Ford Celebrates the Mustang's 45th Birthday
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The Detroit-based automaker will celebrate the 45th anniversary of the Ford Mustang with a four-day party in Birmingham, Alabama. Taking advantage of this occasion, Ford wants to take a look to the glorious past the five generations of Mustang had, starting with the years 1964 to 1974.
"When the Mustang was unveiled, the reaction was so positive that there was no doubt it was going to be a success," recalls Joe Oros, chief designer of Ford's original pony car.
The Ford Mustang was introduced to the public at the New York World's Fair in Flushing Meadows, Queens on April 17, 1964 and for many drivers, it was love at first sight. The 1964 1/2 Mustang (called like this because it was launched at an unusual point in the year) had a starting price of $2,368, which was extremely cheap even then. 22,000 Mustang orders were taken on the first day and sales reached 417,000 in the car's first 12 months on the market, which exceeded the Detroit-based automaker's expectations that was hoping to sell about 100,000 a year. In the next two years, Mustang sales reached one million.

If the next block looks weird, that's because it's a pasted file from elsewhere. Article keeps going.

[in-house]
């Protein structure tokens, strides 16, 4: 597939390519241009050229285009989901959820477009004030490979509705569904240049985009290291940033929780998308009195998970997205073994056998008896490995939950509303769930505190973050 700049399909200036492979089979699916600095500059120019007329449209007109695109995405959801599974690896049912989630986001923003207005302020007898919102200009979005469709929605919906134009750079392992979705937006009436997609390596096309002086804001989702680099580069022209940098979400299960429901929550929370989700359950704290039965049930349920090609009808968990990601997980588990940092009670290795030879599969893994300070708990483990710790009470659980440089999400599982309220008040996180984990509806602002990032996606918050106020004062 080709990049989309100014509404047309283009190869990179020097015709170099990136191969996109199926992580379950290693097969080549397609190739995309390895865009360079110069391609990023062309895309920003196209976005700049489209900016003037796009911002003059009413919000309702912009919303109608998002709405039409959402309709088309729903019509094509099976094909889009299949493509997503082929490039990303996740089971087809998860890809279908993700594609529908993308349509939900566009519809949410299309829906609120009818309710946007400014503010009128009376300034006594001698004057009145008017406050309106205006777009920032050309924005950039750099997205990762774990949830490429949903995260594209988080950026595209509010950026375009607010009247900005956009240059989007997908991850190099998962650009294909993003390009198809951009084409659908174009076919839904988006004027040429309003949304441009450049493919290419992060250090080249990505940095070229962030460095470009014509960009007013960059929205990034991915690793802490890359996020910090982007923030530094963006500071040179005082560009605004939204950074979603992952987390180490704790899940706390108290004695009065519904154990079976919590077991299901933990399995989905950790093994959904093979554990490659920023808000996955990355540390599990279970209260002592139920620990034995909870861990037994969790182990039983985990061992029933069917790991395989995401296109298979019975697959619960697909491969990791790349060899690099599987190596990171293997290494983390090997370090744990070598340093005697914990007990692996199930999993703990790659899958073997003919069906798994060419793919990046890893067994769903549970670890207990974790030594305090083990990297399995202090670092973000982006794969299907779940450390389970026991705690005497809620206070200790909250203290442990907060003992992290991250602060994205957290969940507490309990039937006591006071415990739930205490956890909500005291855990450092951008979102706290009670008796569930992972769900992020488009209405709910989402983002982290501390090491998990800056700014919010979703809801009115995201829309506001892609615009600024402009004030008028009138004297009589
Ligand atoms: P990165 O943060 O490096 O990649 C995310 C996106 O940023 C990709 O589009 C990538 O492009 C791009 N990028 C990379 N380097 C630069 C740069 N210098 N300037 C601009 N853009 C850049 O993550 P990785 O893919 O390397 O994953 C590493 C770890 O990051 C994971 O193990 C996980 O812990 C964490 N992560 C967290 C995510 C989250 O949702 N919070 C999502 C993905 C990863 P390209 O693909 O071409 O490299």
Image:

"We built the first prototype in an experimental garage, and employees flooded the place to see it," said Don Frey, product planning manager for the original Ford Mustang. "Their reaction was spectacular, and it was very revealing to us. We knew the car was going to be roaring success from the start."
The success could be explained by the fact that the Mustang satisfied each customer's expectations. The original Mustangs were available in three body styles - convertible, hardtop or fastback - with an extensive list of options to live up to most exquisite tastes. The Ford Mustang could have been an economical "base" car, a macho high-performance car or a luxury car.
"We were told to design a car that the ladies would love that the men would love just as much, and that's exactly what we did," said Oros.
The early Mustangs have starred in hundreds of famous films to date, beginning in 1964 with the James Bond movie "Goldfinger", in which Bond’s Aston Martin DB5 chased a white Mustang convertible.
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